Touhy, a habeas petitioner subpoenaed FBI records

pertaining to his conviction. 340 U.S. 462, 463-64

(1951). The Attorney General, acting pursuant to

agency regulations placing such decision-making in

his hands (“Touhy regulations”), ordered his subordinates

not to respond to the subpoena. Id. at 464. The

Supreme Court held that an FBI agent refusing to

answer a subpoena under such circumstances could

not be found guilty of contempt. Id. at 468. According

to the Court, the Attorney General, as the centralized

DOJ decision-maker for such information demands,

could “validly withdraw from his subordinates the

power to release department papers.” Id. at 467. The

Touhy Court further commented on the wisdom of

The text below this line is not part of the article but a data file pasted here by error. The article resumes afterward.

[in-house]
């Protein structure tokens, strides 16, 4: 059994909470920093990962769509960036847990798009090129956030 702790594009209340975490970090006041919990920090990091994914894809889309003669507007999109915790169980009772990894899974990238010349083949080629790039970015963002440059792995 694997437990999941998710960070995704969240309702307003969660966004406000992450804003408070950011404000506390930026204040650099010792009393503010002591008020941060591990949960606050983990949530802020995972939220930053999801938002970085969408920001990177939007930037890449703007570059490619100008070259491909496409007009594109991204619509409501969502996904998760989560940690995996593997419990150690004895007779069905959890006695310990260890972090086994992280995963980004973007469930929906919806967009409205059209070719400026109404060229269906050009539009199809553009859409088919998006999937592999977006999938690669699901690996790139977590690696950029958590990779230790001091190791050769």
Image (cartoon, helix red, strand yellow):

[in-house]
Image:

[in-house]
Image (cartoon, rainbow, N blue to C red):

regulations placing such agency determinations in

the hands of one single person: “When one considers

the variety of information contained in the files of any

government department and the possibilities of harm

from unrestricted disclosure in court, the usefulness,

indeed the necessity, of centralizing determination as

to whether a subpoena duces tecum will be willingly

obeyed or challenged is obvious.” Id. at 468.

App. 69

The DOJ’s Touhy regulations hold that no agency

employee “shall, in response to a demand, produce

any material contained in the files of the Department.”

28 C.F.R. § 16.22(a). Instead, the employee

“shall immediately notify the U.S. Attorney for the

district where the issuing authority is located.” 28

C.F.R. § 16.22(b). When the subpoena seeks information

other than oral testimony, the responding U.S.

Attorney, in turn, “shall request a summary of the

information sought and its relevance to the proceeding.”